In my article, Caring for Holiday Cactus, I mention my first Christmas cactus, which came from my mother, who got it from HER mother, who grew and tended it as far back as anyone can remember. What I don’t mention (for the sake of my reputation, of course), is that I killed it. Yes, that’s right, I killed the heirloom cactus, and I hang my head in shame.
The thing is, this plant had lived in my mother’s laundry room for years, receiving only the light that came through the blinds and only the water that someone remembered while ironing, and it even bloomed on occasion. Then it lived quite contently with me for a while, and then what do I do? I decide to remodel my house and stow all my houseplants in the basement to keep them safe, then I forget about them for, oh, about eight months, through a 100-degree summer and an icy winter.
By the time I remembered my plants and had a livable house to put them in, there were no plants – only a collection of pots filled with lonely, moldy dirt. Well, there was one shriveled Jade plant and one limp pothos that were able to be revived, but the rest were completely composted.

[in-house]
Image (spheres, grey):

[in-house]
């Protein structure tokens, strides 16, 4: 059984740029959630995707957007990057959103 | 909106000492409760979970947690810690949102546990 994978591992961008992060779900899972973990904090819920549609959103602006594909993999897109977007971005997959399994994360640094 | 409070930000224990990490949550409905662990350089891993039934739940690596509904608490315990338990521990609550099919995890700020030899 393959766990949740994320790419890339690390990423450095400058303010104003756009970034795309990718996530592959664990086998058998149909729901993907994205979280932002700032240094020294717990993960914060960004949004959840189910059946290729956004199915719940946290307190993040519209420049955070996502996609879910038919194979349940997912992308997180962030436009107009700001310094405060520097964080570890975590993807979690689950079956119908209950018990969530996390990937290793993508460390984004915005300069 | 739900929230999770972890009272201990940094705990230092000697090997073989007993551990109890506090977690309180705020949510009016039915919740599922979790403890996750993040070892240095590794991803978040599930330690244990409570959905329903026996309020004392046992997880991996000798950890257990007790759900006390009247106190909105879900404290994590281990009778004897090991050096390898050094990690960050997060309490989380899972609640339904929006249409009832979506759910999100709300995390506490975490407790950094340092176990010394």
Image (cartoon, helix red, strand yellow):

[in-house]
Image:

It’s been years now, and whenever family comes to visit, they are so complimentary about the house and the (now) many green plants. But I wasn’t born yesterday – I know what they’re really thinking. They’re thinking, “What this place needs is a nice, heirloom Christmas cactus.”
They don’t say anything, of course, but in my own mind I wonder: Will I ever live it down? Does one act of colossal neglect permanently blacken an otherwise green thumb? How many healthy Christmas cactuses do I need to have in order to make up for that one dead one?
Is my grandmother looking down on me and shaking her head, or is she up there happily watering her cactus and waiting for me to send more plants her way?
Everybody makes mistakes, and in fact that’s the best way to learn. I learned that whenever I get too distracted, after a year or so things sort of start to slide. It’s good info.